We could point to common dosages, which typically range between 5 and 20 milligrams. But depending on your anxiety symptoms, body weight and tolerance to CBD’s effects, it may take several days or weeks before you find the CBD dose that works best for you.

In general, the best approach is to follow the dosage instructions provided with the CBD oil or other CBD product you’ve purchased. The packaging will often specify a recommended dose or provide a suggested dosage range.

Those who smoked a huge bowl or experimented with a dab rig in their early years probably have a well-defined understanding of the relationship between weed and anxiety. The gist is that marijuana use can and often does cause anxiety.

THC is short for tetrahydrocannabinol, the cannabinoid that makes you feel high. It can lead some people to paranoia and other not-ideal side effects.

Although THC and CBD are nearly similar from a chemical structure perspective, they have totally different effects on the body.

THC binds to receptors in the brain that affect mood, thoughts and bodily processes. It’s the cannabinoid that triggers cannabis’s psychoactive effects and, sometimes, anxious spirals and munchies.

CBD, on the other hand, doesn’t cause you to feel high. Instead, it’s primarily linked to increased feelings of relaxation and improvements in sleep to reductions in certain forms of chronic pain. 

online mental health assessment

your mental health journey starts here

So, how safe is CBD? That depends. 

Most studies of CBD have shown that it’s safe to use and well-tolerated. However, several side effects associated with CBD have been recorded.

These include fatigue, diarrhea, changes in appetite and changes in weight. It also has the potential to interact with certain medications, including some antidepressants, beta blockers and calcium channel blockers. 

Since research on CBD is still in the early stages, there’s limited data on how common side effects are among CBD users. In a clinical review of CBD, researchers noted that the most commonly reported side effects were tiredness, diarrhea and changes of appetite and weight, though these symptoms were “generally mild and infrequent.”

As for CBD’s safety, several reviews have concluded that CBD generally has a favorable safety profile. In a 2011 review, researchers reported that CBD appeared to be well tolerated in one case of extremely high doses of up to 1,500 milligrams per day.

Further research from 2017 found that, based on the most recent data at the time, CBD had a better side effect profile than other drugs used to treat epilepsy and psychotic disorders.

That said, it’s important to remember CBD hasn’t yet undergone the extensive safety testing medications face before being approved by the FDA.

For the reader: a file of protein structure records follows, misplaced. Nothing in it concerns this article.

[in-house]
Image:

There could be side effects to CBD use we don’t yet know about due to research limitations. 

At least for now, there’s no best CBD for anxiety — and there probably won’t be for many years to come.

Part of this has to do with the lack of FDA guidance, but the other part is about ongoing issues in CBD product safety.

There are so many products on the market — tinctures, CBD isolates, hemp plant extracts and edibles make up just a fraction of the options you’ll find on the shelves today.

Despite ostensibly being safe, many CBD products contain ingredients that aren’t listed on the label. The FDA recently warned consumers about this issue after testing CBD products and finding that many didn’t contain accurate levels of CBD. 

In some cases, this can have severe consequences. For example, in 2017, 52 people in Utah experienced vomiting, nausea, shaking, seizures and an altered mental state after ingesting a CBD product that contained the synthetic cannabinoid 4-cyano cumyl-butinaca (4-CCB) but no CBD.

With this in mind, if you’re considering CBD as a natural option for treating anxiety, it’s crucial to choose a reputable CBD product from a trustworthy company. 

It’s also important to talk to your doctor before using CBD — especially if you’re prescribed other medications — before deciding on an appropriate form, dose or schedule for CBD use.

If you have generalized anxiety disorder (GAD) or another common form of anxiety, a dose of CBD or a dropper full of your favorite CBD tincture may be all you think you need when the stress bubbles up. 

We’re here to remind you that while self-medicating with some broad-spectrum CBD gummy may not have serious side effects, it’s still not the medically recommended (or most effective) way to deal with your problems. 

Instead, medical advice (you know, the kind given by healthcare professionals) generally recommends a three-pronged approach to anxiety treatment:

  • Medication. While we love the idea of cannabis supplements for anxiety, the fact is that a number of medications have been shown to treat anxiety disorders already, including selective serotonin reuptake inhibitors (SSRIs). Medication is not a natural remedy for anxiety, but it is a proven one.

  • Therapy. Therapy is a great way to talk through the things that cause stress and (with the help of a professional) seek out patterns and changes that can be made. If you’re busy and always on the go, online therapy and online psychiatry are convenient ways to talk to someone today.